Haskell wants Title IX efforts to affect sexual, domestic violence across Indian Country

Lawrence police officer Sutagee Anglin talks to Haskell Indian Nations University students about the process of taking a person into custody who has been accused of rape. Haskell students Anthony Tarin, background left, and Malvina Begay, right, participated in a skit illustrating the process followed by Haskell and law enforcement when a student reports being raped, as part of Haskell's End the Violence symposium.

Cindy Riling, Victim/Witness Advocate in the Douglas County District Attorney's office, discusses the felony statute of rape during a presentation at Haskell Indian Nations University, Thursday, Oct. 23, 2014. The presentation was part of Haskell's End the Violence symposium.

2014 Clery Report for Haskell Indian Nations University

On-campus sex offenses (forcible) reported

2013 — 0

2012 — 1

2011 — 1

On-campus aggravated assaults reported

2013 — 2

2012 — 1

2011 — 1

Source: Haskell Indian Nations University

More American Indian and Alaska Native women have been raped than any other specific race, according to this year’s White House report on sexual assault. Overall, the report says, few rapists are strangers.

There aren’t many violent crimes reported at tiny Haskell Indian Nations University. But school leaders say the culture of sexual and domestic violence — and reluctance to report — that many students encounter back home does find its way to campus.

Haskell has increased its focus on Title IX this year and hopes complaint investigations and awareness efforts can make campus and all of Indian Country safer.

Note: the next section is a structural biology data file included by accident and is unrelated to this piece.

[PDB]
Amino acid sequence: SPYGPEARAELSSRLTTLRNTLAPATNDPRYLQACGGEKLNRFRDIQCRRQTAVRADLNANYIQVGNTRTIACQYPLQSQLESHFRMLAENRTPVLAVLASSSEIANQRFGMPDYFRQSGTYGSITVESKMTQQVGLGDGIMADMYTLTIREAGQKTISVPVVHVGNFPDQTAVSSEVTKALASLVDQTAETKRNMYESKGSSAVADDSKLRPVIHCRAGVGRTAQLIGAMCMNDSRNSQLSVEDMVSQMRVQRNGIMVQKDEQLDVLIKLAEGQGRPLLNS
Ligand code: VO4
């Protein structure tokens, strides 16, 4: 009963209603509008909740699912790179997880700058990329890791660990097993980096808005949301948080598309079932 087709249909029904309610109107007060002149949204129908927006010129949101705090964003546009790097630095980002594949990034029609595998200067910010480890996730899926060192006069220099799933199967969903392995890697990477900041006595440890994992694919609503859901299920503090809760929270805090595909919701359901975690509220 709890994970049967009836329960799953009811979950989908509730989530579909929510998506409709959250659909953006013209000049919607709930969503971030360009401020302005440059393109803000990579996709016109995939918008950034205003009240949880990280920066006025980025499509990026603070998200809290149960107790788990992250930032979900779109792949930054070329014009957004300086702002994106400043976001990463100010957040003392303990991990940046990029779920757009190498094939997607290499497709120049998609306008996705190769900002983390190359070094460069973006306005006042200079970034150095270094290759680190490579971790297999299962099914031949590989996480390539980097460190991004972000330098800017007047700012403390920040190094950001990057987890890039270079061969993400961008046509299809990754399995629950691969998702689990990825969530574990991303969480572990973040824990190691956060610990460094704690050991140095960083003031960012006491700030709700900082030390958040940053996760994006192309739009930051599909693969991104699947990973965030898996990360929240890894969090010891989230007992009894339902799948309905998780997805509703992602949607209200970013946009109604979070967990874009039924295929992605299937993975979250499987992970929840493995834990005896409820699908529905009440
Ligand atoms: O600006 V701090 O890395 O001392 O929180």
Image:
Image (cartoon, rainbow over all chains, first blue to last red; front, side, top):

“A lot of these students that come here do come from backgrounds where violence is a lot more prevalent,” said Haskell student rights specialist Danelle McKinney, who investigates Title IX complaints at the school. “We want to be able to educate them to say this is not acceptable. And as future tribal leaders, we want them to carry that message back.”

Haskell had zero on-campus sex crimes reported in 2013, one in 2012 and one in 2011, according to its latest Clery Act report, released in October. There were two on-campus aggravated assaults reported in 2013, one in 2012 and one in 2011, though the report doesn’t separate domestic from other assaults.

Haskell students, who must be members of federally recognized tribes, come from all over the country. The school’s current enrollment is about 800, with about 650 students living on campus.

Statistics indicate sexual and domestic violence crimes are underreported nationwide, and McKinney said Haskell is probably no different.

With political and media attention on campus sexual assaults this year, McKinney said she expects reports to go up as awareness has increased.

So far in 2014, she said, Haskell has had four “dating violence” crimes reported, but no sexual assaults.


Alicia Gangone, a senior from Sisseton, S.D., organized the school’s third End the Violence symposium in October. She said it’s hard to guess how many Haskell students have been sexually or physically assaulted but haven’t reported it to law enforcement or the university.

Gangone, a member of the Sisseton-Wahpeton Oyate tribe, said back home her grandmother worked in a domestic violence shelter and her stepmother was a victim advocate. She knows asking for help is hard for many Indian women.

“We’re taught to be the stoic woman,” Gangone said. “We don’t want them to see us as weak.”